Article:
Pfizer's (NYSE:PFE) overall story so far in 2017 has been a mediocre one. The big pharma company's stock is up year to date, but barely half as much as the S&P 500 index. Although Pfizer topped earnings estimates in the first two quarters of 2017, its top-line growth was either weak or nonexistent. But even in the midst of general mediocrity, there has been some good news.
Investors were hoping for more good news when Pfizer announced its third-quarter earnings results before the market opened on Tuesday. And they got some. However, they also received some bad news, along with some so-so news as well. Here's what you need to know the most from Pfizer's third-quarter earnings results.
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Let's get the bad news out of the way first. Pfizer's essential health segment continued to weigh down the rest of the business. The company reported revenue for the unit of $5.05 billion, down 12% year over year. However, that decline was worsened by the negative impact of Pfizer's divestiture of its Hospira Infusion Systems (HIS) business in February. Essential health's revenue dropped 7% from the prior-year period adjusting out the HIS impact.
Pfizer continues to feel the sting of losses of exclusivity for several products, which caused a 22% year-over-year operational decline in sales in the third quarter. In the U.S., competition for antidepressant Pristiq hurt significantly, while in Europe Pfizer experienced the most pain from loss of exclusivity for Lyrica and antifungal medication Vfend.
Even an area where Pfizer investors had come to expect better results fared poorly. Revenue from sterile injectable pharmaceuticals fell 12% on an operational basis from the third quarter in 2016, primarily due to legacy
Hospira product shortages in the U.S.
There were also at least a couple of notable problems in Pfizer's innovative health segment. Sales for Viagra plunged 31% from the prior-year period to $206 million. Autoimmune disease drug Enbrel continued to face headwinds, with revenue falling 13% year over year to $613 million. And Pfizer's top-selling product, pneumococcal vaccine Prevnar 13, saw a 1% slip in sales to $1.52 billion.
Pfizer didn't report a revenue decline in the third quarter, but there was nothing to get excited about with its top line. The company announced total revenue of $13.2 billion, up less than 1% over the same period in 2016. Pfizer's challenges with its essential health segment and a handful of top drugs weighed on its overall revenue.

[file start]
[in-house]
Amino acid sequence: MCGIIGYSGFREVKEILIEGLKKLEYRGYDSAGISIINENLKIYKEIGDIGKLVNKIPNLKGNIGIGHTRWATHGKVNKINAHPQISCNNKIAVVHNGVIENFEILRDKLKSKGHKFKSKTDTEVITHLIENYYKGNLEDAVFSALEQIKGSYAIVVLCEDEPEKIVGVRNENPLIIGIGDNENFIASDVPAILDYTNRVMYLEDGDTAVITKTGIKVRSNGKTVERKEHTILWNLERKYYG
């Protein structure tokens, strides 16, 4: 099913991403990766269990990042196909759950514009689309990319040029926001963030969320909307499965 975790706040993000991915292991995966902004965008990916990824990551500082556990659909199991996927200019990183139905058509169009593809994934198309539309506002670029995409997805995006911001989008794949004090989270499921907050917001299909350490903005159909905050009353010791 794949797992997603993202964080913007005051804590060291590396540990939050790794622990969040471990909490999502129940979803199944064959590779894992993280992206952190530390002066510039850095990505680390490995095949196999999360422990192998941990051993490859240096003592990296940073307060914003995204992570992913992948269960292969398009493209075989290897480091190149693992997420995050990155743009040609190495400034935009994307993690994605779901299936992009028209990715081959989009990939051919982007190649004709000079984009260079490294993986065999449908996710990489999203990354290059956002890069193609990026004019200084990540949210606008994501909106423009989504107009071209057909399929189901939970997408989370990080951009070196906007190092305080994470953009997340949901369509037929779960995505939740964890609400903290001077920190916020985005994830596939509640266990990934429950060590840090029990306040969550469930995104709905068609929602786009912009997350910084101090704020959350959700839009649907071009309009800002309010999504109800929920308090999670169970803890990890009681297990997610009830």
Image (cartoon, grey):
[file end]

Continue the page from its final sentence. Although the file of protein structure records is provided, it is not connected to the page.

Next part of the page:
The drugmaker also provided uninspiring tightening of its guidance for full-year 2017 revenue. Pfizer now expects 2017 revenue between $52.4 billion and $53.1 billion. The company previously guided toward full-year revenue of $52 billion to $54 billion.
Despite blahs on the top line, Pfizer reported third-quarter earnings of $2.84 billion, or $0.47 per diluted share. That was well above earnings from the prior-year period of $1.36 billion, or $0.22 per diluted share. However, year-over-year comparisons are skewed by the impact of acquisitions and divestitures.
Pfizer's adjusted earnings provide a better sense of the company's progress. Third-quarter adjusted earnings came in at $4.06 billion, or $0.67 per diluted share. That reflects an 8% year-over-year jump for Pfizer's bottom line, and a 10% increase on a per share basis. It also beat the consensus analysts' adjusted earnings estimate of $0.65 per share.
The company also boosted its full-year 2017 earnings outlook. Pfizer now expects adjusted diluted earnings per share of $2.58 to $2.62. Previously, the company projected full-year revenue between $2.54 and $2.60.
Quite a few of Pfizer's innovative health products performed well in the third quarter. Sales for smoking cessation medication Chantix, for example, increased 21% over the prior-year period.
Even some essential health legacy products shined. Lipitor was one of the most impressive, with sales growing 16% year over year. Pfizer's biosimilar to Remicade, branded as Inflectra in the U.S., generated revenue during the third quarter of $112 million, up from $49 million in the same period last year.
Pfizer's best performers, though, were in a league of their own. Cancer drug Ibrance generated revenue of $878 million in the third quarter, soaring 60% higher than the prior-year period. Sales for rheumatoid arthritis drug Xeljanz jumped 48% year over year to $348 million. Anticoagulant Eliquis, which Pfizer co-markets with Bristol-Myers Squibb, brought in revenue for Pfizer of $644 million in the third quarter, up 43% from the same period in 2016.
The best news of all for Pfizer is in its future. Eliquis, Ibrance, Xeljanz, and prostate cancer drug Xtandi have years of patent exclusivity remaining and plenty of runway for growth. Pfizer's pipeline should provide what CEO Ian Read refers to as "an expected multiyear wave of potential new product launches and product line extensions." Even the current weak link for the company, its essential health segment, should see revenue declines taper off in the next few years.
Pfizer also announced recently that it is considering selling or spinning off its consumer healthcare business. The only mention of this in the company's announcement of third-quarter results was a reminder from CFO Frank D'Amelio that Pfizer is "reviewing strategic alternatives" for the unit. If Pfizer does eventually decide to sell or spin off consumer healthcare, it could be very good news for investors.